The Data section is probably the most important feature of RealTest. Fully understanding how this section works is critical to your success in using this software.
Say you have just imported daily OHLCV bars for all the stocks in the S&P 500 index, as shown in Tutorial 3.
Imagine that data as sitting in RealTest's active memory, like a virtual Excel Workbook, with a separate Worksheet for each symbol, something like this:
Now when you run a script that includes a Data section, here's what happens:
1.Every item defined under Data (in this case High126 and Drop) becomes a new column in EVERY worksheet in this imaginary workbook.
2.The formula provided for each data item is calculated for every bar of every stock and the resulting values are stored in the cells of that column.
Now the imaginary workbook looks like this:
The two new columns, High126 and Drop, have been added to all 500 worksheets in this imaginary workbook, and for each of those worksheets, values have been calculated and stored for (in the tutorial example) all 1,628 rows of each of these two columns in each of these 500 worksheets. That's 1,628,000 calculations that were made and stored.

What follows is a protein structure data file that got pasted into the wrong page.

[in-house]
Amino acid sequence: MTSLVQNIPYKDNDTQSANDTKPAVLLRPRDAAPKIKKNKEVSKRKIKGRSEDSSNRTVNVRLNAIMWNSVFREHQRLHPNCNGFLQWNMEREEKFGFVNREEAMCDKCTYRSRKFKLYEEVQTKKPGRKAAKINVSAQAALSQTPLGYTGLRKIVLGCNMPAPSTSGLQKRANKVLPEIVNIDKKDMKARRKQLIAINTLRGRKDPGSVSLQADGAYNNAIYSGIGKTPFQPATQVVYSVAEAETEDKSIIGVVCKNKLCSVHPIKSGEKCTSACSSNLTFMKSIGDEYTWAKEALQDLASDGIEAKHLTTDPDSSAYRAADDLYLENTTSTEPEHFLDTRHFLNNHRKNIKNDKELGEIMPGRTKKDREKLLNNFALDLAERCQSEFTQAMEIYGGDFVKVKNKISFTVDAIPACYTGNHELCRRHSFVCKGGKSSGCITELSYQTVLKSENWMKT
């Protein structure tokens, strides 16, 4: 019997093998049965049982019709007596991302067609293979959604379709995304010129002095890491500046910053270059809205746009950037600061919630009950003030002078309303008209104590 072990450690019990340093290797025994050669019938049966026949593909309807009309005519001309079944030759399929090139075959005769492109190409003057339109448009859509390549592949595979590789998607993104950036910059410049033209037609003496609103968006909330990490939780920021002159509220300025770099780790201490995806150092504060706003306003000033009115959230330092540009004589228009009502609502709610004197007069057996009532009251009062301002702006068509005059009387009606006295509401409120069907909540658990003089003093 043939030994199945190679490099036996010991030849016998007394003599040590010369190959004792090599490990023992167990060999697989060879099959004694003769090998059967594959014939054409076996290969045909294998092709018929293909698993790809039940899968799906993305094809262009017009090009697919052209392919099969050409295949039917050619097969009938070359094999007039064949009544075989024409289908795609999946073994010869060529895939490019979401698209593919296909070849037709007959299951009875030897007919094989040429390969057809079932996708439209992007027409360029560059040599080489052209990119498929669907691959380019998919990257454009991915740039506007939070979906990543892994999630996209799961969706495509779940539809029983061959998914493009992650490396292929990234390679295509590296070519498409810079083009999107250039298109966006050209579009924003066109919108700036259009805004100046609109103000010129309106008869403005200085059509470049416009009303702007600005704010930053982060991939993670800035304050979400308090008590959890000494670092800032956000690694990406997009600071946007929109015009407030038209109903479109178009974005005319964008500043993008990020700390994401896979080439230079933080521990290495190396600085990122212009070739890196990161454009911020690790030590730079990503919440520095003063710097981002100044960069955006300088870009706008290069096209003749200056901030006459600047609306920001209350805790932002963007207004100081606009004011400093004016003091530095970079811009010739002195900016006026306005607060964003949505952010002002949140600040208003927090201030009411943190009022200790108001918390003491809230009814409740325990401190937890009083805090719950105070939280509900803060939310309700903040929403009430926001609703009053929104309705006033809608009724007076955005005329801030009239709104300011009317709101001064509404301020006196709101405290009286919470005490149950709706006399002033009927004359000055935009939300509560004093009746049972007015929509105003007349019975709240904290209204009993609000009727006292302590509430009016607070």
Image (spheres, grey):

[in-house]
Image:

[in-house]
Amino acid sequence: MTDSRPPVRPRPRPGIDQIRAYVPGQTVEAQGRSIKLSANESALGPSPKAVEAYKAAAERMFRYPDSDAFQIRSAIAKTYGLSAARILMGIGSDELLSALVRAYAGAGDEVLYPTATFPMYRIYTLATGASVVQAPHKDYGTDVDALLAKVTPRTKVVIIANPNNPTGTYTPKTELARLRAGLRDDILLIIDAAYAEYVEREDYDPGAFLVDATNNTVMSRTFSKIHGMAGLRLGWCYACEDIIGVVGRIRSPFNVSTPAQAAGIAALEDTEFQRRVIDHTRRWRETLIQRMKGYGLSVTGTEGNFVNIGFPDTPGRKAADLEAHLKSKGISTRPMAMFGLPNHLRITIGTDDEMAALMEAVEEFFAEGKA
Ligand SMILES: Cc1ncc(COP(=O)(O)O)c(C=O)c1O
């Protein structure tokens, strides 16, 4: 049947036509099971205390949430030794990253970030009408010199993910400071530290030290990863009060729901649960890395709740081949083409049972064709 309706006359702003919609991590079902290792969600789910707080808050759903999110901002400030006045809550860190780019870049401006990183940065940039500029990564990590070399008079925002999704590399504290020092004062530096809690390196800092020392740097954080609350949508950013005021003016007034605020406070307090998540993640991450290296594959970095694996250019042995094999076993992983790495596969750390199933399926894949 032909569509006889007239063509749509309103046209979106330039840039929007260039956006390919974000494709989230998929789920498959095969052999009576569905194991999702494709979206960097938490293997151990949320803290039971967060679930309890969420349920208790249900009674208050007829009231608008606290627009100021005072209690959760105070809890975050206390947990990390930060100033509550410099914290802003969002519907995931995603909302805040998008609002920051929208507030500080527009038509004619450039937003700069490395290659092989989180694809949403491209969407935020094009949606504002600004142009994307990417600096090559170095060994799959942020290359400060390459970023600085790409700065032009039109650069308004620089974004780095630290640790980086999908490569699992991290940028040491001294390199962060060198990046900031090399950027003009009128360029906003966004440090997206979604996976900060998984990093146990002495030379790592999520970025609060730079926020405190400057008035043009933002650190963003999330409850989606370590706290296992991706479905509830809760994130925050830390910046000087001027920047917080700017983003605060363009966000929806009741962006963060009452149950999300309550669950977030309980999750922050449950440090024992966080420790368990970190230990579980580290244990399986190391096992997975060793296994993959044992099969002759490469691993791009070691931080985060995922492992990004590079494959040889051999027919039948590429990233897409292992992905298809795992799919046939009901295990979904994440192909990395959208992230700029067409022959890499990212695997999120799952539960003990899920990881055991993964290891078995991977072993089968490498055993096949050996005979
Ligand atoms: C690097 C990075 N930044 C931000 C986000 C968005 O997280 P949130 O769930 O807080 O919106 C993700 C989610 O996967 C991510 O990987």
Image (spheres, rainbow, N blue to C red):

All these calculations happen nearly instantly when you run the example scan. In a more complicated multi-strategy trading system model, there will often be billions of calculations to make. Fortunately, RealTest is very fast and takes advantage of all available CPU cores to do this job as quickly as possible.
As a further speed optimization, calculated Data items persist in memory as long as the same data file is in use and their formulas (or the formulas of other items that they refer to) have not been changed. So if, for example, you're running a number of backtests using the same underlying data calculations and only varying, for instance, the exit parameters, that set of tests can run extremely quickly.
To put it another way, calculated data columns are like global variable arrays in a standard programming language. As in an Excel worksheet, once a value has been calculated and stored, it can be referred to in any other formula.
Data column formulas can also refer to their own values that have already been calculated. See Self-Referential Items for details about how that works.
To look "under the hood" at the data columns currently residing in memory, use the Debug Panel.
Another special feature of the data section is the ability to calculate cross-sectional (breadth) data.
Because data columns are pre-calculated before a test is run, they are not allowed to access any test-specific context. If you have a need for intermediate formulas with test-specific context access, that is what the Library Section is for.